News Releases - Emergency Response
EPA and Municipality of Guaynabo Removing 1,500 Toxic Drums and Containers from Abandoned Warehouse
Release Date: 10/20/2011
Contact Information: Elias Rodriguez, 212-637-3664, rodriguez.elias@epa; Brenda Reyes, (787) 977-5869, email@example.com
(New York, N.Y.) Removing a significant threat to public health and safety, the U.S. Environmental Protection Agency and the municipality of Guaynabo, Puerto Rico are proceeding with an emergency cleanup of improperly stored hazardous materials at a storage facility in Barrio Vietnam, Guaynabo. EPA is working closely with Guaynabo fire, police and hazardous materials personnel on the removal of over 1,500 drums and other containers of various chemical compounds to prevent a potential chemical release or explosion. The site is a residential area about seven miles south of San Juan that is not zoned for this type of commercial business.
"EPA is working hand in hand with government officials in Guaynabo to prevent a release, fire or explosion of hazardous substances that could endanger the health of people living near the facility,” said Judith A. Enck, EPA Regional Administrator. “EPA has taken quick action to protect the local community and the environment to ensure that hazardous materials from the facility are disposed of properly. EPA thanks the municipality of Guaynabo for their cooperation.” Mayor Hector O'Neil of the Autonomous Municipality of Guaynabo said: “Our municipality has joined as a facilitator in the removal work of all materials that represent a risk to our residents. We have made available to EPA all our resources so that the work is done effectively and efficiently while minimizing the risks to our neighbors and the sector. We have made available to EPA both staff from medical emergency services and OMED."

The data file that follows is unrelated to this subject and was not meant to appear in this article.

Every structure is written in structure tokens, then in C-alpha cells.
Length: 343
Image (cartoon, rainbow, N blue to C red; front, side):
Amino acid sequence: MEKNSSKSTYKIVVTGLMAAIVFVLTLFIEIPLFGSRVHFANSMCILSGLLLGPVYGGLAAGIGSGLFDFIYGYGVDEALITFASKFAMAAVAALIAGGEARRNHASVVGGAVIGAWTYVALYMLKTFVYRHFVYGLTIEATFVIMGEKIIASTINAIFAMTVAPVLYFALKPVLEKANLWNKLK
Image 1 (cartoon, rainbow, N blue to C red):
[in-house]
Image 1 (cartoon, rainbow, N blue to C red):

EPA personnel responded on Sept. 27 after receiving information about an abandoned chemical warehouse in the area. The site contains over 1,500 drums, chemical totes, bags and other containers of chemicals, many of which are not labeled. One warehouse is partially collapsed and the chemicals are exposed to wind and rain. Found in varying states of disrepair and neglect, many of the drums are leaking their contents onto the ground. The containers are haphazardly stored, and in some instances have collapsed onto other containers. The former owner and operator of the business is deceased.
Chemical substances including acids, solvents, discontinued commercial chemicals and caustic chemicals are being secured or prepared for proper disposal at an off-site licensed facility. EPA will be sending hundreds of containers determined safe to transport back to the original manufacturer.
Upon arriving at the site, EPA conducted an initial assessment. Once the site was secured to prevent trespassing, the agency proceeded with its initial investigation. The air has been monitored throughout the project. EPA has developed a contingency plan to ensure that the removal of the abandoned chemicals is done safely. Fire department and hazardous materials response teams have been closely consulted and are prepared to respond immediately to the site if necessary. Throughout the cleanup, the local community is being kept informed and EPA is working closely with the municipal government.
For more information about EPA emergency removal actions, visit: http://www.epa.gov/region02/superfund/removal.htm